By Tim Smith
Adaptive management is a bit of a buzzword in the field of environmental and natural resource management. It refers to the practice of learning by doing, and is best applied to complex social-ecological systems where both uncertainty and controllability are high.
Climate change, for example, is predicted to have a number of generally adverse effects on biodiversity such as habitat loss, geographical redistribution of species and widespread extinctions, however the exact responses of individual species and communities to climate mediated ecosystem changes are not clear. These issues are potentially amenable to an adaptive approach which tests strategies such as increasing the size of protected areas to include a range of altitudes, establishing habitat corridors and stepping stones, increasing resiliency and translocating species.
Adaptive management is a well defined process, with an explicit, cyclical structure that distinguishes it from other decision making processes:
- Define the goals
- Develop alternative management strategies
- Implement two or more of these strategies
- Monitor the outcomes
- Revise management strategies based on the results
- Repeat the cycle
Thus, over time, knowledge builds up and management improves. This may all sound like common sense, but it represents a clear shift away from the traditional overreliance on incomplete knowledge and inaccurate modelling, to acknowledge the complexity of ecosystems and associated human interactions. It confronts uncertainty, rather than regarding it as an admission of failure, and integrates research and implementation, rather than having scientists and managers working in isolation.
The concept of adaptive management is now well accepted, but its practical application is notoriously difficult, such that there are few examples of it being implemented correctly. Indeed Gregory (2006) suggests that many of the initiatives claiming to practice adaptive management bear few, if any of the essential components.
There are a number of reasons why this may be so. Practical and economic constraints are partly to blame, coupled with a natural tendency to resist new ways of thinking, which has resulted in managers favouring the implementation of one strategy at a time (passive adaptive management, using perceived best practice), rather than embracing uncertainty and experimenting with several options in parallel (active adaptive management).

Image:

The extensive monitoring required by adaptive management has also proved problematic, again partly due to the cost and time involved. In addition, it has been argued that the monitoring and evaluation process requires a high level of statistical and analytical expertise that may not be readily available in many institutions.
A further issue has been an incomplete understanding of the theory of adaptive management, resulting in its application in inappropriate contexts, where uncertainty may be high, but controllability is low. In these situations scenario planning is a better choice.
It is clear that further work is required in order to help managers implement this important tool appropriately and effectively, allowing it to achieve the benefits it tantalisingly promises.
Some good references:
ALLEN, C. R., FONTAINE, J. J., POPE, K. L. & GARMESTANI, A. S. 2011. Adaptive management for a turbulent future. Journal of Environmental Management, 92, 1339-1345.
GREGORY, R., OHLSON, D. & ARVAI, J. 2006. Deconstructing Adaptive Management: Criteria for Applications to Environmental Management. Ecological Applications, 16, 2411-2425.
KEITH, D. A., MARTIN, T. G., MCDONALD-MADDEN, E. & WALTERS, C. 2011. Uncertainty and adaptive management for biodiversity conservation. Biological Conservation, 144, 1175-1178.
MAWDSLEY, J. R., O’MALLEY, R. & OJIMA, D. S. 2009. A Review of Climate-Change Adaptation Strategies for Wildlife Management and Biodiversity Conservation. Conservation Biology, 23, 1080-1089.
PETERSON, G. D., CUMMING, G. S. & CARPENTER, S. R. 2003. Scenario Planning: a Tool for Conservation in an Uncertain World. Conservation Biology, 17, 358-366.